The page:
It was, I thought, to the Arabs’ credit that they didn’t blame their economic vicissitudes on anyone. They have taken the price collapse quietly in stride, without threatening, cajoling or assigning guilt to anything but their own avarice and the fateful twists of the international economic order. It had been an exciting ride, and they greeted the twilight of their boom almost with a sense of relief, exhausted, needing some quiet moments to catch their breath and evaluate what had happened.
“Back in the early 1970s, when oil price quadrupled,” said Suleiman Selim, the Saudi minister of commerce, “we had two ways we could go. One was to advocate rapid development. The other was to go slow in order to keep our balance and disrupt the social structure.
“Now, you cannot yet really judge who was right and who was wrong. But you can say, given the oil glut and the decline in prices, that if we had not gone fast, we would have missed the train. And we did not lose our balance. Our political system is still solid, our country is still stable.”
The Saudis are proud of all that has been accomplished, but no toasts were raised to the pounding of the last golden spike. They know that they have gained their triumph and won their wealth without striving. No sweat has been shed in conquering their land. Their skin is smooth and their hands bear no calluses. The oil had been a gift–a gift from God, many said–and to put its proceeds to work the Saudis had summoned an army of two million foreigners and paid them well to plan, consult, maintain and toil in the blistering sun. This is, I think, Saudi Arabia’s greatest liability: No one has learned how to turn the nuts or tighten the screws, and there will soon come a day when every one can no longer be an executive.
“The Saudis’ biggest contribution was to have had the good sense to let progress happen,” a British businessman in Riyadh said. “They put their names up on the door and shared in the profits. But they’ve gotten good value for money. If Britain had gotten such a windfall, our government would still be in committee arguing how to spend it.”
In many ways, the impact of the oil boom has been surprisingly minimal. The wealth did not lead to any political reforms or give the Arabs much lasting leverage with the West. Nor did Saudi Arabia emerge as the powerbroker Washington had hoped for, though the Saudis had never wanted to lead in the first place. That was a role Washington and other capitals tried to thrust Saudi Arabia into, and it was contrary to the character of this country that had stayed out of the five Arab-Israeli wars and wants more than anything to simply be left alone, a position it secures by paying tribute to Syria, the Palestine Liberation Organization and friend and foe alike. Saudi Arabia is more comfortable building a consensus than pioneering a policy. It works, if goaded, behind the scenes, not on center stage, and it does not take risks. Caution is the trademark of every political decision, for Saudi Arabia remains a vincible country, a desert kingdom with a small population, a one-“crop” economy, an old fashioned political system and an Iranian enemy dressed in the robes of religious rectitude just across the gulf.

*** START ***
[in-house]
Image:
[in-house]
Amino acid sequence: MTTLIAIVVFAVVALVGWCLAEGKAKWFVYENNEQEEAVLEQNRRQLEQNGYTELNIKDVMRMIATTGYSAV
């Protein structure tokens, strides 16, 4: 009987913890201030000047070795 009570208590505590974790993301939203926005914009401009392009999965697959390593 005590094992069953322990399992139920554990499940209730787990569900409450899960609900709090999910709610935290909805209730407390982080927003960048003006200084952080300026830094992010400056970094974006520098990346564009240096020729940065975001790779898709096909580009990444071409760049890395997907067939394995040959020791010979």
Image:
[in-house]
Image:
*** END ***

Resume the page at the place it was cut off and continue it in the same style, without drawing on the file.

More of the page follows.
Presidents Carter and Reagan both pledged to defend the Arabian oil field-, against outside aggression. It is a promise that would be tough to fulfill. Pipelines running for hundreds of miles across the desert are vulnerable to terrorist attack and the wells themselves, spread over thousands of square miles, would be virtually indefensible in the face of a determined enemy. The security of the oil fields is the responsibility of the tribally based, 30,000-man national guard, commanded by King Fahd’s half-brother, Crown Prince Abdullah ben Abdel Aziz, whose support comes from the Bedouin but whose far-right conservatism often puts him at odds with other members of the royal family. Military analysts say Saudi Arabia would have only fourteen seconds’ warning time to scramble its jets if enemy planes were to cross the Fahd Line, an imaginary line drawn about ten miles inside of Iran, just north of the Persian Gulf coast. The Saudis could meet and hinder a major, sustained attack across that line, but could not turn it back without outside help.
Israeli jets regularly fly up and down the Gulf of Aqaba within sight of Saudi Arabia, and in 1981, apparently wanting to test the Arabs’ response, Israeli planes conducted a series of low-level mock bombing attacks on the Saudi’s northwestern air base at Tabuk. Yet few Saudis see Israel as the real threat. What they fear is that Iran will topple Iraq’s leadership and create a radical, fundamentalist bloc on their northeastern border. On their southern flank they worry about the only Marxist country in the Arab world–miserable, impoverished South Yemen. To the west and south, they are concerned about Egypt’s stability and communist influence in the Horn of Africa. At home they worry that every little sneeze may mask an expression of discontent among the youth, the soldiers or the religious elders. In each of these areas, the interests of Saudi Arabia and those of the industrialized West are in concert.